To keep employees safe in the office, companies have implemented new protocols and guidelines, from adding floor markers to changing the workplace layout. When thinking about the lunch hour, there are additional challenges to consider. This includes:
- Staggering employees’ lunch hour to avoid overcrowded elevators and kitchens
- Encouraging employees to bring their own lunch from home
- Ordering lunch for employees to reduce outside exposure
Many companies have adopted or pivoted their office meal program to navigate through the challenges of facilitating a safe lunch environment. We’ve compiled a list of what we’ve seen from our clients, as well as tips from our food experts.
Here are the top 5 ways companies have adapted their meal programs during COVID-19 to ensure the health and safety of their team –
1. Switch to individually packaged meals
Switching to individually boxed meals may be an obvious decision. But for many companies who have been accustomed to buffet-style meals, a smooth transition is required to maintain good food hygiene. This involves communicating clear expectations to all in-office employees to order their own meals in advance and only ordering if they expect to be in the office.
Here’s an example of how one of our clients pivoted to individually packaged meals to align with their current health and safety priorities.
My client with 200 employees previously ordered sharing style buffet meals for their daily catering. Since the pandemic hit, they’ve had to re-think a lunch solution that would prioritize their team’s safety, reduce lunch line-ups, and eliminate food waste. Being organized was extremely important. With their Foodee ordering portal, their employees have a unique login and order their meal in advance if they plan on being in the office. This has also provided individuals with dietary restrictions more variety and customization with their lunches. “– Aashim, CSM, Toronto
2. Designate a delivery drop-off area
Every building and office has their own measures in place regarding visitors entering and exiting the premise. With the need for contact-less deliveries, it is important to communicate specific delivery protocols that align with the building and office’s policies. Designating a clear drop-off area ensures a smooth and safe delivery process.
Below is an example of how an office has a contact-less approach to meal deliveries.
Something that our clients really appreciate is our ability to facilitate safe deliveries, in accordance to the building’s protocols. One of my clients has their own delivery drop-off bag placed near the reception area. When the driver arrives, they transfer all the meals from their bag into the office bag, and someone from the team takes their bag and sets up the meals in the lunch area.”– Sara, CSM, Vancouver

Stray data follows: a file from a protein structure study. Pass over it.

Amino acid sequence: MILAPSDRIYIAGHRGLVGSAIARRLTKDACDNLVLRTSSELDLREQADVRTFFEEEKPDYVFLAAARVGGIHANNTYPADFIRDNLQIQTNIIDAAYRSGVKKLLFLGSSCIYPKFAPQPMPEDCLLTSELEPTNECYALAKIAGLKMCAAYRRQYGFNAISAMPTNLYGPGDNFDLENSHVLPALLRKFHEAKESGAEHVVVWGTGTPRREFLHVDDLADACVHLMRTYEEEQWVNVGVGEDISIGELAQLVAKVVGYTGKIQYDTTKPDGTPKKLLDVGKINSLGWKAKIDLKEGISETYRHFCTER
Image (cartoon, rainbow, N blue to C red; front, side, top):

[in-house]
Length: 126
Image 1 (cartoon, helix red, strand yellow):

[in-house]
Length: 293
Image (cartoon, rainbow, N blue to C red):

3. Schedule multiple deliveries for staggered lunch times
Staggering lunch times have been especially prominent in large offices to avoid overcrowding of lunch areas. Many companies assign different lunch times to two groups, along with scheduling two separate lunch deliveries. For example, lunch times are split between 11:30AM-12:30PM and 12:30PM-1:30PM, with each group’s meals delivered at their respective times. This ensures that social distancing is maintained, and only those assigned to that group receive their personal meal at the correct time (and that it is still warm)!
4. Phased or rotating approach to returning to the office
We have seen two common approaches in returning to the office.
The phased return starts with bringing back 25% of employees into the office. This is decided on 2 criteria; either 1) specific roles need to be in the office to accomplish their task or 2) specific employees volunteer to return to the office.
The rotating approach involves different teams coming into the office on different days, on a rotating schedule. Though both approaches are beneficial, this presents additional challenges to the office manager when it comes to lunch catering.
Many companies with either approach have leveraged our Teams and Users feature, where specific teams are only invited to order on specific days. This prevents team members from mistakenly ordering on the wrong day.
Offices with a rotating or phased approach have easily managed office catering as individuals order their own meal. Those who will be in the office order their meals ahead of time, and the company only pays for those who have ordered. This reduces the amount of guesstimation required and eliminates food waste associated with it “– Brittany, CSM, Austin
5. Socially distanced meet-ups
Although this isn’t necessarily “in the office”, there is a common theme among companies who are still working remotely but want to occasionally meet-up. We’ve facilitated lunch delivery to parks, where team members have socially distanced picnics with their Foodee-delivered meal. This helps remote teams stay connected in a safe environment and fosters company culture that we’ve all been missing for the past few months.
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